Press Conference by Foreign Minister Fumio Kishida
Tuesday, December 6, 2016, 8:55 a.m.   Front Entrance Hall, Prime Minister’s Office

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Japanese

Opening Remarks

Adoption of the Resolution on the Nuclear Disarmament at the Plenary Meeting of the United Nations General Assembly

Mr. Fumio Kishida, Minister for Foreign Affairs: Japan welcomes the adoption of its resolution on the elimination of nuclear weapons at the Plenary Meeting of the United Nations with an overwhelming majority of 167 countries in favor, including the United Sates, on the afternoon of December 5 (New York time). Adoption of the resolution with more support than last year, while tensions between nuclear-weapon states and non-nuclear-weapon states are growing, confirms that our resolution offers a realistic path to a world without nuclear weapons. We intend to continue our efforts for the realization of “a world without nuclear weapons as the only country to have suffered atomic bombings in war.

Visit by Prime Minister Abe to Hawaii

Reporter: Yesterday Prime Minister Abe officially announced his plan to visit Pearl Harbor. There has been talk that you will be going with him. Please confirm related facts and your thoughts on the significance of the visit.

Minister Kishida: Prime Minister Abe announced yesterday that he will hold a Japan-US Summit Meeting to sum up the Japan-US alliance built through the efforts of Prime Minister Abe and President Barack Obama over the past four years and that the two leaders will also visit Pearl Harbor. I expect this event to provide a valuable opportunity to clarify the strong Japan-US alliance and express the important role the US-Japan alliance has in maintaining peace and stability in the Asia-Pacific region and the international community. As to the purpose of the trip, it aims to offer our prayers for the repose of the souls of those who perished there and exhibit a strong resolve toward the future to never repeat the devastation of war again and also to demonstrate the strength of the Japan-US alliance. I plan to go as well.

Reporter: The President’s term is nearly finished. Is it meaningful to make this visit with President Obama?

Minister Kishida: As I just mentioned, the two leaders will hold a Summit Meeting to sum up the Japan-US alliance developed by them over the past four years. It has also been decided to visit Pearl Harbor.

Minister Kishida’s Visit to Russia

Reporter: I have a question about the relationship with Russia. You visited Russia and met with President Vladimir Putin and Foreign Minister Sergei Lavrov over the weekend. Also, letters were exchanged from Prime Minister Abe and President Putin. There is not much time left until the Japan-Russia Summit Meeting at this point. What types of discussions are you planning during the remaining period in order to make progress on the Northern Territories issue and what are your expectations for results ahead of the December 15 meeting?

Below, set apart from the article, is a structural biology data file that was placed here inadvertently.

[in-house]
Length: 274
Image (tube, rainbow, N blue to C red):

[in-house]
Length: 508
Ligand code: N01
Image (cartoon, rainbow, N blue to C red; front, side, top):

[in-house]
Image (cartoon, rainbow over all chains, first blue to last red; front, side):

Minister Kishida: On my visit to Russia, I expressed Japan’s view of what it thinks needs to be accomplished in order to make President Putin’s visit to Japan scheduled for December 15 meaningful, and we conducted an extensive exchange of views. I think it was a valuable visit ahead of the President’s visit to Japan. Japan must continue its efforts to prepare for President Putin’s visit. We intend to continue preparations at various levels right up until the meeting and aim to ensure that the visit is meaningful.

Visit by Prime Minister Abe to Hawaii

Reporter: Regarding the visit by Prime Minister Abe to Hawaii, you mentioned that you will accompany him. Are you planning some type of different itinerary than Prime Minister Abe on this visit? Please explain the meaning of your presence.

Minister Kishida: There will be a Japan-US Summit Meeting to sum up the past four years. I have served as Foreign Minister during these four years and am willing to accompany Prime Minister as well. Coordination of the specific schedule on the day still needs to be accomplished.

Reporter: What is your view of the connection between the visit to Hawaii and the President Obama’s visit to Hiroshima? Also, do you think Japan should apologize during the visit to Pearl Harbor?

Minister Kishida: First, there is no connection with President Obama’s trip to Hiroshima. As I just mentioned, this visit aims to offer our prayers for the repose of the souls of those who perished and express a strong resolve to never repeat the devastation of war and also to demonstrate reconciliation between Japan and the US.

Reporter: Regarding the Japan-US relationship, Prime Minister Abe gave a speech to the US Congress on the anniversary of 70 years since the war ended last year. President Obama visited Hiroshima, and this time Prime Minister Abe is going to Pearl Harbor. These events highlight reconciliation between Japan and the United States. What is your overall view and sentiment about the Japan-US relationship during last year and this year?

Minister Kishida: I think these various events demonstrate the Japan-US alliance has become unshakable in the 71 years since the war ended. I also believe that they have clarified to the international community that the Japan-US alliance is very important in maintaining peace and stability in the Asia-Pacific region and the world.

Reporter: Prime Minister Abe expressed deep remorse and deep repentance in his speech to the US Congress. Does he plan to express deep remorse or apologize on this visit?

Minister Kishida: As I just noted, this is an opportunity to offer our prayers for the repose of the souls of those who perished there, exhibit a strong resolve to never repeat the devastation of war, and to demonstrate reconciliation between Japan and the US.